Irving Fisher Had It Right
One of the pleasures of operating in the world of investments is the opportunity to hear and learn from professionals who have truly considered opinions on the state of economies and securities markets. It also helps when they have an ability to explain the situation in an easily understood manner.
I always look forward to reading market commentaries from Van R. Hoisington and Dr. Lacy Hunt of Hoisington Investment Management Company in the U.S. They publish a quarterly letter that is easily accessible at www.hoisington.com. To paraphrase Don Cherry, their Q2-2011 letter is a “real beauty”. In it, they argue very eloquently that it is economist Irving Fisher we should be studying to better understand today’s economic predicament. For a précis on Fisher, see Here. Fisher lived and worked during the Great Depression, as did the highly celebrated John Maynard Keynes. It is Keynes, though, who is in the limelight today – how many times have you heard the adage “When the facts change, I change my mind; what do you do, sir?” Well, if you are interested in the history of The Great Depression, you may have heard that in October 1929, some fellow said that stocks had found a “permanently high plateau.” That fellow was Irving Fisher. Not exactly a forecast to enhance your reputation upon!
As Hoisington points out, Fisher postulated that it’s the excessive build-up of debt relative to GDP that results in economic slumps, as opposed to the cyclical fall in aggregate demand theory of Keynes (solved by deficit spending) or the printing of more money theory associated with Milton Friedman. The “solutions” that these two latter economists advocated have simply not worked; both massive fiscal stimulus and a massive growth in the monetary base have had minimal financial impact on the average American family or on economic output. In fact, the associated increased levels of debt and future interest payments on that debt inflict an even greater burden on the next generation. While we have a short-term boost, we are likely worse-off – an effective “negative multiplier” effect. Add to this a political process that virtually guarantees yearly deficits and we have the U.S. (and many other countries) facing a highly deflationary force for years to come. There seems to be a growing understanding that Keynesian stimulus is not the solution. The Globe and Mail’s Report on Business (Click Here to View) this week noted a recent economic study reinforcing the idea that higher government spending produces lower rates of growth over the longer term.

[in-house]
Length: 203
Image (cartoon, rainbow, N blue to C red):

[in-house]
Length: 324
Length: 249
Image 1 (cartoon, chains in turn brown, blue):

So the question is, “what to do?” If monetary and fiscal policy tools are exhausted, then what? Well, I read an interesting piece the other day that gave me cause for optimism. Why? Well, now we are forced to return to basics – i.e. forget the outrageous government spending, forget the money printing and QE experiments and let’s get to the real drivers of economic growth. As Hoisington notes, “the economic well-being of a country is determined by the creativity, inventiveness and hard work of its households and individuals”. In my humble opinion, the best way for a government to maximize the economic potential of its citizens and its’ economy is to provide a framework and an environment where this human potential can flourish.
It is economic freedom that is key. This is one of the key beliefs of the Fraser Institute in Canada (www.fraserinstitute.org), for which I am proud to be a Trustee. The Institute measures, studies and communicates the impact of competitive markets and government interventions on the welfare of individuals. Every year, they publish an Economic Freedom of the World Index Report that you can download from their website. I also strongly encourage you to become a member and support their research!
In the United States, among the many things that could be done to improve economic potential is to enact a broad reduction in government red tape and bureaucracy, while acknowledging that the financial system requires more effective regulation (rules and enforcement) so that depositors and savers are not subjected to excessive leverage or inappropriate risks. Secondly, introduce a permanent and simplified individual and corporate tax structure that both mitigates special interest groups’ influence over government policy and creates a fair and transparent process. Over the medium-term, the U.S. needs to reform social security policy so that it is affordable and takes into account the demographic shifts that are well under way. Of course, this is an absolute minefield but it has to be dealt with in the next 3 years as these expenditures will swamp the tax base in the next 20 years. As well, housing policy reform is required: eliminate mortgage interest deductibility, “strategic” mortgage debt defaults and other moral hazards. I know that there is a lot of inventory (shadow or otherwise) but let the market clear it out sooner than later so that the market will have confidence that a true “bottom” in home prices is in.
We will look at the U.S. deficit and debt in a post shortly. All of the “noise” associated with the “debt” ceiling debate is worrisome because time is needed to put forward a credible and sensible short- and long-term solution that will provide confidence to markets and the general public. Without leadership and cooperation between politicians, everyone fears a full-blown crisis down the road. It is better to deal with the issues now than kicking them down the road.